But you did achieve oneness, Ydnar! The all powerful OM was the correct response and took over the moment of the thread. It was inescapable and caused everyone to pay attention to it that might have missed it in frivolous humor.
As far as you being a butcher, I don't know, that's really not very Buddhist or holy cow respecting.
The most intense and deepest penetrating experiances I've had in my life, almost without exception, have been the variety that you speak of, Nolo. I don't see there being this fight between types of perception that many others seem to. I think I "learn" the best, "perceive" the best, by being as much in the moment during the experiance as I am able to be. I simply see/notice/sponge-up more with the fewer distractions that you find when you get close to this state. This involves me quieting my verbal self and letting my senses perk up and reach outward. For me, this is the state that I am able to "grok", if you will, the best in. After experiancing whatever situation I'm involved in I haul out the tools of rational discourse and logic and attempt to put an intellectual understanding and verbalization on all that my senses have gathered for me. I fail at this all the time, but, when it works for me I assimilate things very well. When I ski, I try to go quiet inside and FEEL everything. I may not be El Superbo all the time but I love this experiance and I can honestly say I live for it. The less between me and the wind and the snow and my breath, the more intoxicating. As far as whether you're in the moment if you know you're in the moment, like anything else, lovemaking perhaps, there are degrees of immersion. We are talking about one of the lesser degrees of nirvana here as opposed to TOTAL loss of self attributed to the egoless states reported in Satori or Samadhi/ Nirvana, "I" wouldn't know.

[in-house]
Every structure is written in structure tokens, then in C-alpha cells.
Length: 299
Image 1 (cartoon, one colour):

Bob, great post, for me it works better if the evaluation follows the experiance rather than accompanying it, they do seem to intertwine often tho'. And I totally agree that best examples of this occur during moments of crisis or survival.
Nolo, I think intent ranks right up there with awareness, in my mind the two go hand in hand. You define the intent, feel the intent and then let all your awareness awaken as you stay out of your own way while attempting the task at hand. As far as teaching that, it takes a special student in my experiance(M.Arts) to "get" this and apply it. Worth it tho'.
Bonni, if Rusty started thinking about what he was doing and telling himself about it I bet he'd have a slew of problems too. No time for verbiage or being "aware" of that.
For those who never read "Stranger in a Strange Land" by Robert Heinlein, you probably didn't grok my reference to "grok". It was simply a word implying a deep, wide, all encompassing understanding and appreciation of something, arrived at by using all of a persons perceptions and awareness with little or no shadings of extraneous emotions or bias in the way of seeing what was there. As far as Heinlein, well, he had some "issues". Many provocative ideas for the time frame though.[ June 23, 2002, 12:49 AM: Message edited by: joel ]